The best time to write a Return to Work Policy is before your company needs one. If your business has had injures in the past, or even if there have been no injuries yet, now is the perfect time to formalize your Return to Work Program in writing. We will explain what goes into a policy and provide you with specific guidelines for what needs to be addressed in the Return to Work Program.

What To Do Before Establishing the Return to Work Program

Before writing the policy, companies should appoint a team of employees, supervisors, and upper management to perform research on past injuries and determine alternate duty positions. Commitment from all levels of the organization will greatly assist in running the program smoothly.

In addition, each job where injuries have occurred or may occur should be analyzed. Are there any other safety protocols that could be implemented? Is the safety training adequate for the position? Feedback from current employees can help businesses keep their workplace as safe as possible and prevent injuries. These job analyses, which should describe the position’s tasks, work environment, education or training, and equipment used, are also helpful in identifying opportunities for light or alternate duty positions.


Return to Work Program Template

There are several components to a successful Return to Work Program. Clearly defining and communicating everyone’s roles is essential in helping injured workers receive the necessary treatment and return to work when medically feasible. Below we have created a template with an explanation for each section that employers can use to get started on their own program.


The policy should begin with the objective of the Return to Work Program. This typically involves getting injured workers proper medical treatment and minimizing the amount of time they are out of work.

Defined Roles & Responsibilities

Companies must specify who needs to be notified at different phases during the injury and treatment process. For every employee, supervisor, or contact person, list their duties and responsibilities. This ensures that workers always know where to turn if they get injured or have questions about the process while they are on leave.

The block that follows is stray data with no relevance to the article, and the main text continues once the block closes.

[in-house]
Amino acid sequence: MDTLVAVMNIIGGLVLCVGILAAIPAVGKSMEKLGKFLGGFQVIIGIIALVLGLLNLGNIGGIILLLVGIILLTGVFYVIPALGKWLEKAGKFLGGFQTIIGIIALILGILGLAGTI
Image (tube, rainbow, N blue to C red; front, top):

Alternate Duty Definition

With the help of employees and supervisors, the main points of alternate duty should be defined. Although the specifics of alternate or modified duty will depend on the position, some factors will always apply. These include wages (will employees receive the same wage as their original position?), hours, accommodations available, and any other relevant HR policies.


The Procedures section of the policy describes the steps that injured employees and supervisors should take when an incident occurs. This includes items such as how the employee should report the incident (e.g., in writing to the designated supervisor or workers’ compensation contact person), the forms that the supervisor should complete, and how the employee should begin treatment with the preferred medical provider. After treatment, the procedures should explain the approval process for the injured employee to return to an alternate duty position or their original position, including items such as a physician evaluation form and alternate duty job description.

By involving employees throughout the company and writing a formalized Return to Work Policy, your company will help reduce lost time, wages, and productivity resulting from on-the-job injuries. Filling out the template above will provide a clear and concise reference for your employees. If you’d like to see Return to Work Program samples, click here to visit the Pennsylvania Department of Labor and Industry’s website.

If you have a challenging workers’ compensation case or need help with your Return to Work Program, contact us or fill out our Referral Form.